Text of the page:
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Hepatocellular carcinoma treatment over sorafenib: Epigenetics, microRNAs and microenvironment. Is there a light at the end of the tunnel?

  • Autori: Gnoni, A.; Santini, D.; Scartozzi, M.; Russo, A.; Licchetta, A.; Palmieri, V.; Lupo, L.; Faloppi, L.; Palasciano, G.; Memeo, V.; Angarano, G.; Brunetti, O.; Guarini, A.; Pisconti, S.; Lorusso, V.; Silvestris, N.
  • Anno di pubblicazione: 2015
  • Tipologia: Articolo in rivista (Articolo in rivista)
  • OA Link:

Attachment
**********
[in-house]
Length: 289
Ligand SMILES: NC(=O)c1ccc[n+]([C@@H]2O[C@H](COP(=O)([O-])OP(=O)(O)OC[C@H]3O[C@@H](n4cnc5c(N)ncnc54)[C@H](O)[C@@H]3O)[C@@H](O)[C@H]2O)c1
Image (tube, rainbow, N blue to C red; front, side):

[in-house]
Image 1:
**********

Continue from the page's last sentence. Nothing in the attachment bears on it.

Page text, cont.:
Introduction: Sorafenib is currently the only approved therapy in hepatocellular carcinoma (HCC). Alternative first- and second-line treatments are a significant unmet medical need, and several biologic agents have been tested in recent years, with poor results. Therefore, angiogenic pathways and the cytokine cascade remain possible targets in HCC. Recent studies suggest a role of epigenetic processes, associated with the initiation and development of HCC. In this field, DNA methylation, micro-RNAs (miRNAs) and tumor microenvironment cells became a possible new target for HCC treatment. Areas covered: This review explains the possible role of DNA methylation and histone deacetylase inhibitors as predictive biomarkers and target therapy, the extensive world of the promising miRNA blockade strategy, and the recent strong evidence of correlation between HCC tumors and peritumoral stroma cells. The literature and preclinic/clinic data were obtained through an electronic search. Expert opinion: Future research should aim to understand how best to identify patient groups that would benefit most from the prescribed therapy. To overcome the therapeutic stranding of HCC, a possible way out from the current therapeutic tunnel might be to evaluate the major epigenetic and genetic processes involved in HCC carcinogenesis, not underestimating the tumor microenvironment and its actors (angiogenesis, immune system, platelets). We are only at the start of a long journey towards the elucidation of HCC molecular pathways as therapeutic targets. Yet, currently this path appears to be the only one to cast some light at the end of the tunnel.